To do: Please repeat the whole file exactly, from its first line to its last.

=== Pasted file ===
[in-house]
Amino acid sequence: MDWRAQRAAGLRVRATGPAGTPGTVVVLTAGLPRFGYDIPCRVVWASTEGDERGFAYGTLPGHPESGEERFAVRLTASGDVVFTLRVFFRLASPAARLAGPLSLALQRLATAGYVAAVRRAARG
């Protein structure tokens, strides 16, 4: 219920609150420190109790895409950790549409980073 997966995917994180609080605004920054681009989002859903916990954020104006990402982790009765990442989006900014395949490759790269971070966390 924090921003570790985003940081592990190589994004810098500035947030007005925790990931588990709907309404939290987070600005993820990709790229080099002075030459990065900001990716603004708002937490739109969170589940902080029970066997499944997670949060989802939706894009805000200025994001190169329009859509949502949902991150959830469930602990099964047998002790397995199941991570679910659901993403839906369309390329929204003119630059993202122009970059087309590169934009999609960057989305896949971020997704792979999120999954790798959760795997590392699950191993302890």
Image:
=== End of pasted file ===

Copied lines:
[in-house]
Amino acid sequence: MDWRAQRAAGLRVRATGPAGTPGTVVVLTAGLPRFGYDIPCRVVWASTEGDERGFAYGTLPGHPESGEERFAVRLTASGDVVFTLRVFFRLASPAARLAGPLSLALQRLATAGYVAAVRRAARG
């Protein structure tokens, strides 16, 4: 219920609150420190109790895409950790549409980073 997966995917994180609080605004920054681009989002859903916990954020104006990402982790009765990442989006900014395949490759790269971070966390 924090921003570790985003940081592990190589994004810098500035947030007005925790990931588990709907309404939290987070600005993820990709790229080099002075030459990065900001990716603004708002937490739109969170589940902080029970066997499944997670949060989802939706894009805000200025994001190169329009859509949502949902991150959830469930602990099964047998002790397995199941991570679910659901993403839906369309390329929204003119630059993202122009970059087309590169934009999609960057989305896949971020997704792979999120999954790798959760795997590392699950191993302890």
Image: